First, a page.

Capitalism, Magic, and Technology

In his chapter on the “cultural preparation” for the age of the machine in Technics and Civilization, Lewis Mumford cites, among other phenomenon, capitalism and magic. Here’s the abridged version:

“Thus although capitalism and technics must be clearly distinguished at every stage, one conditioned the other and reacted upon it.”

“It was because of certain traits in private capitalism that the machine — which was a neutral agent — has often seemed, and in fact has sometimes been, a malicious element in society, careless of human life, indifferent to human interests.  The machine has suffered for the sins of capitalism; contrariwise, capitalism has often taken credit for the virtues of the machine.”

“… indeed, the necessity to promote continual changes and improvements, which has been characteristic of capitalism, introduced an element of instability into technics and kept society from assimilating its mechanical improvements and integrating them in an appropriate social pattern.”

“Between fantasy and exact knowledge, between drama and technology, there is an intermediate station: that of magic. It was in magic that the general conquest of the external environment was decisively instituted.”

“In sum, magic turned men’s minds to the external world: it suggested the need of manipulating it: it helped create the tools for successfully achieving this, and it sharpened observation as to the results.”

“As children’s play anticipates crudely adult life, so did magic anticipate modern science and technology …”

“… magic was the bridge that united fantasy with technology: the dream of power with the engines of fulfillment.”

Capitalism, magic, and technology — an odd grouping at first blush, but less so upon further reflection. The common denominator? Human desire — its generation, manipulation, and satisfaction.

Interestingly, this was a confluence of influences (sans capitalism) also eloquently articulated by C. S. Lewis, a scholar of Medieval and Renaissance literature, in The Abolition of Man:

I have described as a `magician’s bargain’ that process whereby man surrenders object after object, and finally himself, to Nature in return for power. And I meant what I said. The fact that the scientist has succeeded where the magician failed has put such a wide contrast between them in popular thought that the real story of the birth of Science is misunderstood. You will even find people who write about the sixteenth century as if Magic were a medieval survival and Science the new thing that came in to sweep it away. Those who have studied the period know better. There was very little magic in the Middle Ages: the sixteenth and seventeenth centuries are the high noon of magic. The serious magical endeavour and the serious scientific endeavour are twins: one was sickly and died, the other strong and throve. But they were twins. They were born of the same impulse. I allow that some (certainly not all) of the early scientists were actuated by a pure love of knowledge. But if we consider the temper of that age as a whole we can discern the impulse of which I speak.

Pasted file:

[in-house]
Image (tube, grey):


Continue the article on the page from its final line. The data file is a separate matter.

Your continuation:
There is something which unites magic and applied science while separating both from the wisdom of earlier ages. For the wise men of old the cardinal problem had been how to conform the soul to reality, and the solution had been knowledge, self-discipline, and virtue. For magic and applied science alike the problem is how to subdue reality to the wishes of men: the solution is a technique ….

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